In winter, the Barn Swallow is cosmopolitan in its choice of habitat, avoiding only dense forests and deserts. It is most common in open, low vegetation habitats, such as savanna and ranch land, and in Venezuela, South Africa and Trinidad and Tobago it is described as being particularly attracted to burnt or harvested sugarcane fields and the waste from the cane. In the absence of suitable roost sites, they may sometimes roost on wires where they are more exposed to predators. Individual birds tend to return to the same wintering locality each year and congregate from a large area to roost in reed beds. These roosts can be extremely large, one in Nigeria had an estimated 1.5 million birds. These roosts are thought to be a protection from predators, and the arrival of roosting birds is synchronised in order to overwhelm predators like African Hobbies. The Barn Swallow has been recorded as breeding in the more temperate parts of its winter range, such as the mountains of Thailand and in central Argentina.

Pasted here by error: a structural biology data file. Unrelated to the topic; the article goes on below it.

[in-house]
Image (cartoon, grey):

Migration of Barn Swallows between Britain and South Africa was first established on 23 December 1912 when a bird that had been ringed by James Masefield at a nest in Staffordshire, was found in Natal. As would be expected for a long-distance migrant, this bird has occurred as a vagrant to such distant areas as Hawaii, Bermuda, Greenland, Tristan da Cunha and the Falkland Islands.
The Barn Swallow is similar in its habits to other aerial insectivores, including other swallow species and the unrelated swifts. It is not a particularly fast flier, with a speed estimated at about 11 m/s, up to 20 m/s and a wing beat rate of approximately 5, up to 7–9 times each second, but it has the manoeuvrability necessary to feed on flying insects while airborne. It is often seen flying relatively low in open or semi-open areas.